Families can be torn apart over hurtful and accusing words leveled against each other; probably with some volume. Proverbs 15:1 reminds us: "A gentle answer turns away wrath, but harsh words stir up anger." I am convinced that how we express anger is greatly influenced by the home we grew up in. How did our parents express their anger to each other, and to us? What kind of words were used and with what emotional intensity. Some grandparents never get to see their grandchildren due to a split between them and their adult children that might have been avoided with different words on both sides!.
God can change this if he's invited into the conversation. Two things we can be sure of: (1) God believes in reconciliation – the Cross of Jesus dramatically illustrates this (2) God is pro-family. He's worth seeking concerning the issues that separate us. Healing may need to begin with him. If God has never been brought into the conversation in a family, it needs to happen; in my opinion even beyond professional marriage or family counseling. In church this morning, (5/2/21), I was moved concerning broken family things by a verse in the old hymn, "What a Friend We Have in Jesus." Verse 2: "Oh, what peace we often forfeit. Oh, what needless pain we bear. All because we do not carry everything to God in prayer." This is a song written for Christians, but it's also an invitation to give one's life to Christ. I also saw something on the big screen in our church that I just felt moved to write down on the cover of my bulletin. Maybe I wrote it down for you. Here it is: "May his (God's) wisdom guide you when you are talking." I'm seeking this all the time. I get my mouth in trouble real easy with words.
The healing of a broken relationship may need to begin with one side reaching out to the other in humility. Maybe something like this: "I want to ask your forgiveness for anything I've (we've) done or said that has broken our family, can we be a family again?" Those can be healing words. When it comes to love and restoration God made the first move with us. In 1 John 4: 10: "This is real love. It is not that we loved God, but that he loved us and sent his Son as a sacrifice to take away our sins." Restoration involves sacrifice on someone's part.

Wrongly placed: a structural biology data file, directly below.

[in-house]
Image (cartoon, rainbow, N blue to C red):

I think we need to come to grips with the reality it may all come to a head at a funeral. I was with a family one time while I was doing my hospital chaplain training at Loyola Medical Center in Chicago. I was called to a room where a 40 year old wife and mother had just died from cancer. The whole family was there except for the husband. I was informed that the husband had been very abusive to his wife for a long time. Finally he arrived. He took one look at his wife's body, fell to his knees with his head on her chest and sobbed, calling out her name: "I'm sorry, I'm sorry, I'm so sorry, please forgive me." I hurt for him but there was nothing I could do. Words that fracture a family should never end this way. Do something while there's still time!
Now in closing, a few thoughts about swearing, "the universal language." Does a "foul" mouth ever add positively to a person's life? I'm especially concerned over words that profane that which is sacred. Like, "God," "God damn you", "Jesus Christ", used as swear words. How about the "F" word? God created sex to be sacred and to be kept within the bonds of marriage. The conception and birth of a child is sacred. Think about this the next time you have the joy of seeing a newborn baby. The "F" word profanes the sacred. How about some of the milder forms of the sacred. I want to honor the God who made my mouth: to thank him by the way I use it. Don't forget the third commandment: "Do not misuse the name of the Lord your God" (Exodus 20:7).
If God were a dentist, and he said to you, "Open wide," what would he find all the way down to your heart? Would he recommend (through the Holy Spirit) an "abstraction?" King David went to God and "Opened Wide" before him: "Search me, Oh God, and know my heart: Test me and know my thoughts. Point out anything in me that offends you and lead me along the path of everlasting life" (Psalm 139: 23, 24). I try and pray this prayer every day.
Until next time,